J. Cheston Whitney & C.E. Whitney.
"As was announced in last week's paper, we have purchased from W.C. Eaton his entire interest in the Magnet, and shall continue its publication under the name of the Chronicle." J.C. Whitney remained as sole proprietor of the Chronicle until Jan. 4, 1879, when his son, C. E. Whitney became a partner. Mr. Whitney announced the change by saying: "The public are here-by notified that I have associated with myself in the publication of the Chronicle my son, C. E. Whitney, thus realizing what has for several years been anticipated to occur Jan. 1, 1870. The business of the office will hereafter be transacted under the name of J. C. Whitney & Son." .... Both J. C. Whitney and his son, C. E., are practical newspaper men, and are easy and forcible writers.

C.E. Whitney, junior member of the firm J.C. Whitney & Son, has charge of the local management of the Chronicle. He was born in Rockford, Ill., Jan. 28, 1857. His parents, J.C. and Anna (Otis) Whitney, were natives of the New England States. Mr. Whitney, senior, was formerly a carpenter by trade, but for the past twenty-three years has devoted his attention to the newspaper business. In 1859 the family came to Iowa, locating in Floyd county, where the father taught school for a time, and then engaged in his present profession. While there Mr. Whitney served three terms as superintendent of schools. They remained in Floyd county until 1865, when they removed to Mason City, where J.C. edited the Mason City Republican in connection with teaching the city schools. In May, 1866, they came to Hampton, and Mr. Whitney, senior, purchased the material that had been used in the Franklin Record office, and established what is now the Franklin Recorder. He has since made Hampton his home, devoting his attention to the newspaper business. He has held many offices of trust. C. E. Whitney learned his trade in his father's office, and on the 1st of January, 1879, became a partner in the publication of the Chronicle. For the past year he has had entire charge of the paper. On the 1st of September, 1880, C.E. Whitney was married to Anna B. Logan, of Hampton, and they have two children. In politics the Messrs. Whitney are staunch republicans. (Chapter 14, The Press, pg 283) Note: interested researchers can read more about the Whitney's in Chapter 14.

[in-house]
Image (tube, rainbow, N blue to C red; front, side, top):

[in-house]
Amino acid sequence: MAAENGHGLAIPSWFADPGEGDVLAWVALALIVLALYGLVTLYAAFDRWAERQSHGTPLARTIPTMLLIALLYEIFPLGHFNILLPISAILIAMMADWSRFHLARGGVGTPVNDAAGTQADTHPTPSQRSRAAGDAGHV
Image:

J.T. Wilde. In 1881 J.T. Wilde entered into partnership with William Parks, and engaged in the lumber and coal trade. J.T. Wilde, of the firm of Wilde & Parks, was born in Dubuque, Iowa, in 1857, where he received an academic education, completing it in 1876. He then spent two years in the east, and in 1878 came to Sheffield and worked for his uncle in the coal business for two years. In 1881 he spent a short time in Colorado and New Mexico, but soon returned to Sheffield, and in company with William Parks bought the lumber and coal yard. Mr. Wilde is a member of the I.O.O.F. Politically he is a republican. He was married in 1879 to Ella Zimmerman, who died June, 1881, leaving one child — John G. (Chapter 18, Clinton twp., pg 327-328)